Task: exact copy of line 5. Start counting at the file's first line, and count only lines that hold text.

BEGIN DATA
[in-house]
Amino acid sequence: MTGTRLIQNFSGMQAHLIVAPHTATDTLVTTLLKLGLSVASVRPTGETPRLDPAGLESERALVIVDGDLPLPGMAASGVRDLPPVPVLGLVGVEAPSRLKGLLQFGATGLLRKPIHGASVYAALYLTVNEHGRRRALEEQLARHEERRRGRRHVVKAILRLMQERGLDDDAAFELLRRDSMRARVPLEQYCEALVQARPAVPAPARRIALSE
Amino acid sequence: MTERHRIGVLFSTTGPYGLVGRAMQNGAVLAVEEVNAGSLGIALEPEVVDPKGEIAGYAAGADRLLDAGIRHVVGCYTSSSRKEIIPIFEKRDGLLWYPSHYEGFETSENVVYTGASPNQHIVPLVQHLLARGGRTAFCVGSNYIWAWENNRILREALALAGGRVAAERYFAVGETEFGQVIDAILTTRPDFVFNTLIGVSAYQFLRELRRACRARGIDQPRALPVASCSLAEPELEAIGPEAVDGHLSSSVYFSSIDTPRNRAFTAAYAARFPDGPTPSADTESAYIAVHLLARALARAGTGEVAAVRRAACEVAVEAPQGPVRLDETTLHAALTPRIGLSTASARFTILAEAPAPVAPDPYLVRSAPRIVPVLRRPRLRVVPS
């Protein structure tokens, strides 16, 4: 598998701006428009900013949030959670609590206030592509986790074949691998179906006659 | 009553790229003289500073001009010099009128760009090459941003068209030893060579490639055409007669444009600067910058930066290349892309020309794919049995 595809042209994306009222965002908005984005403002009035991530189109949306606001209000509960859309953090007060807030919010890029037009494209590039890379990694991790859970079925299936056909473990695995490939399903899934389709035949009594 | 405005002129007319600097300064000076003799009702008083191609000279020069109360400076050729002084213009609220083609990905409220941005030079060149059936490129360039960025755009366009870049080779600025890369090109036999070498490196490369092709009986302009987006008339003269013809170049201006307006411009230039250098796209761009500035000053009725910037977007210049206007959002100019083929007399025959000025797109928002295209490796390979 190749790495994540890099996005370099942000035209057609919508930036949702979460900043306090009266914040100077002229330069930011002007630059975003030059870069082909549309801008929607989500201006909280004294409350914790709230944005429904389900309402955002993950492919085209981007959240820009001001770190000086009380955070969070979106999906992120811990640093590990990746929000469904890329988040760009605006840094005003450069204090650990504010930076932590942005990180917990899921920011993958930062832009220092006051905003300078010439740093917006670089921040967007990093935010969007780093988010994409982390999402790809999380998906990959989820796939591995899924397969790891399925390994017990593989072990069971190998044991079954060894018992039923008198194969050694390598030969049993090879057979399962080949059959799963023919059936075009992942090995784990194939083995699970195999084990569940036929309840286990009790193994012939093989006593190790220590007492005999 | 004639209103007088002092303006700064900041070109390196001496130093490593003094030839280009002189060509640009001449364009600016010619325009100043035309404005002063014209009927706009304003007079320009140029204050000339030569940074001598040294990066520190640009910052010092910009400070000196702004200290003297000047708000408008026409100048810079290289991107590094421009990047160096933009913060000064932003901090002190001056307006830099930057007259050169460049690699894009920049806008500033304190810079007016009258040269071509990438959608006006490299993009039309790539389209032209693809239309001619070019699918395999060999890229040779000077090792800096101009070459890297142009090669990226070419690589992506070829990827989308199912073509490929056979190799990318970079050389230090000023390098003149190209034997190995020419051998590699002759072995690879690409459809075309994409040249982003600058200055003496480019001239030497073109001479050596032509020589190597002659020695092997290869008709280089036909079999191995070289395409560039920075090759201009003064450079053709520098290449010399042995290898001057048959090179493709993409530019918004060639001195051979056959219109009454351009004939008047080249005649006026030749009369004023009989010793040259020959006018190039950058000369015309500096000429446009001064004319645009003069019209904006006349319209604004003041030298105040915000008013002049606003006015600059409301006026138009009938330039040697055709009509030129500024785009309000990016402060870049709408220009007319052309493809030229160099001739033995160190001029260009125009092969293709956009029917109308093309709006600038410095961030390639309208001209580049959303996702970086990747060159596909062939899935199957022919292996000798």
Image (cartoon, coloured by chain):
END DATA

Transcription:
Image (cartoon, coloured by chain):